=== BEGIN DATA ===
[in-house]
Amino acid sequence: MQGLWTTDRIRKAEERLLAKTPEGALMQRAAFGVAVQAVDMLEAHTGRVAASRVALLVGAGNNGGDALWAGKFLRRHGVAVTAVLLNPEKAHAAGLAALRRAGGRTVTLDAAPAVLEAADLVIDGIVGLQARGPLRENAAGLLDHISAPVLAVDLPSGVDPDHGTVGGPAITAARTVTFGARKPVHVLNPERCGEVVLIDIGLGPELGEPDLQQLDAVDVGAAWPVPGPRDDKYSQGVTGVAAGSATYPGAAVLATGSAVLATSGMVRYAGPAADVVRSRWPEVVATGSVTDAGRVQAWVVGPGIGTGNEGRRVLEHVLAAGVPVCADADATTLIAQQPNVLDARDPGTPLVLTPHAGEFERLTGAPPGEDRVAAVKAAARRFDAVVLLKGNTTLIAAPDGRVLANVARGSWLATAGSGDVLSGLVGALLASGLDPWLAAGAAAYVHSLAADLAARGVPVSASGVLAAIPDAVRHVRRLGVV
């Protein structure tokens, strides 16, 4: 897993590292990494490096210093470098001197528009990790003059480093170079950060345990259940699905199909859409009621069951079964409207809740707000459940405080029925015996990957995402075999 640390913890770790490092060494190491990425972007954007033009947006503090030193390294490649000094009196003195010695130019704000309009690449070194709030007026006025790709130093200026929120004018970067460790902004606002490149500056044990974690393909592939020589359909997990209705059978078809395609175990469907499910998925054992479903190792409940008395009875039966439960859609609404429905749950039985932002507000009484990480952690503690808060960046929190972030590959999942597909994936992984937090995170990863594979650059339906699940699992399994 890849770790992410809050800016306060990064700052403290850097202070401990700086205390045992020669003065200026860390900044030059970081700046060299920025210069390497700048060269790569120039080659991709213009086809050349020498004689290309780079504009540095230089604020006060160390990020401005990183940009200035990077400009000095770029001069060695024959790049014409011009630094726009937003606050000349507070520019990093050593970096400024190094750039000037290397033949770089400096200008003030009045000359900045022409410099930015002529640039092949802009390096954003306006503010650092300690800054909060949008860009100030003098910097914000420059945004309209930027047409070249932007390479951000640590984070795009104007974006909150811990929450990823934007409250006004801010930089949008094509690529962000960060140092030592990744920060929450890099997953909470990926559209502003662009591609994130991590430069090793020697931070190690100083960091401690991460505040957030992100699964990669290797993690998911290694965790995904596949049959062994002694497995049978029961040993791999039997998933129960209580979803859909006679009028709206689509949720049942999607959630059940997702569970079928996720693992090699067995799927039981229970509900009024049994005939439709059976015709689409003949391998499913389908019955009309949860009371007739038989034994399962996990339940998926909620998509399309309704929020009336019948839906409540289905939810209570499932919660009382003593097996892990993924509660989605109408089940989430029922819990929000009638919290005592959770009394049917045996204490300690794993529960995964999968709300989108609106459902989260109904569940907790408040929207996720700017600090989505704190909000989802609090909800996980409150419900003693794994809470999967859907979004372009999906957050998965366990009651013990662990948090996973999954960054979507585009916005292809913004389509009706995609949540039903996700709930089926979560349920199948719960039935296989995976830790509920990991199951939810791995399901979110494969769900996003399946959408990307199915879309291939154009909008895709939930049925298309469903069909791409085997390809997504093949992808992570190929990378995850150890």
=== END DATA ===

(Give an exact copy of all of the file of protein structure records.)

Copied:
[in-house]
Amino acid sequence: MQGLWTTDRIRKAEERLLAKTPEGALMQRAAFGVAVQAVDMLEAHTGRVAASRVALLVGAGNNGGDALWAGKFLRRHGVAVTAVLLNPEKAHAAGLAALRRAGGRTVTLDAAPAVLEAADLVIDGIVGLQARGPLRENAAGLLDHISAPVLAVDLPSGVDPDHGTVGGPAITAARTVTFGARKPVHVLNPERCGEVVLIDIGLGPELGEPDLQQLDAVDVGAAWPVPGPRDDKYSQGVTGVAAGSATYPGAAVLATGSAVLATSGMVRYAGPAADVVRSRWPEVVATGSVTDAGRVQAWVVGPGIGTGNEGRRVLEHVLAAGVPVCADADATTLIAQQPNVLDARDPGTPLVLTPHAGEFERLTGAPPGEDRVAAVKAAARRFDAVVLLKGNTTLIAAPDGRVLANVARGSWLATAGSGDVLSGLVGALLASGLDPWLAAGAAAYVHSLAADLAARGVPVSASGVLAAIPDAVRHVRRLGVV
């Protein structure tokens, strides 16, 4: 897993590292990494490096210093470098001197528009990790003059480093170079950060345990259940699905199909859409009621069951079964409207809740707000459940405080029925015996990957995402075999 640390913890770790490092060494190491990425972007954007033009947006503090030193390294490649000094009196003195010695130019704000309009690449070194709030007026006025790709130093200026929120004018970067460790902004606002490149500056044990974690393909592939020589359909997990209705059978078809395609175990469907499910998925054992479903190792409940008395009875039966439960859609609404429905749950039985932002507000009484990480952690503690808060960046929190972030590959999942597909994936992984937090995170990863594979650059339906699940699992399994 890849770790992410809050800016306060990064700052403290850097202070401990700086205390045992020669003065200026860390900044030059970081700046060299920025210069390497700048060269790569120039080659991709213009086809050349020498004689290309780079504009540095230089604020006060160390990020401005990183940009200035990077400009000095770029001069060695024959790049014409011009630094726009937003606050000349507070520019990093050593970096400024190094750039000037290397033949770089400096200008003030009045000359900045022409410099930015002529640039092949802009390096954003306006503010650092300690800054909060949008860009100030003098910097914000420059945004309209930027047409070249932007390479951000640590984070795009104007974006909150811990929450990823934007409250006004801010930089949008094509690529962000960060140092030592990744920060929450890099997953909470990926559209502003662009591609994130991590430069090793020697931070190690100083960091401690991460505040957030992100699964990669290797993690998911290694965790995904596949049959062994002694497995049978029961040993791999039997998933129960209580979803859909006679009028709206689509949720049942999607959630059940997702569970079928996720693992090699067995799927039981229970509900009024049994005939439709059976015709689409003949391998499913389908019955009309949860009371007739038989034994399962996990339940998926909620998509399309309704929020009336019948839906409540289905939810209570499932919660009382003593097996892990993924509660989605109408089940989430029922819990929000009638919290005592959770009394049917045996204490300690794993529960995964999968709300989108609106459902989260109904569940907790408040929207996720700017600090989505704190909000989802609090909800996980409150419900003693794994809470999967859907979004372009999906957050998965366990009651013990662990948090996973999954960054979507585009916005292809913004389509009706995609949540039903996700709930089926979560349920199948719960039935296989995976830790509920990991199951939810791995399901979110494969769900996003399946959408990307199915879309291939154009909008895709939930049925298309469903069909791409085997390809997504093949992808992570190929990378995850150890």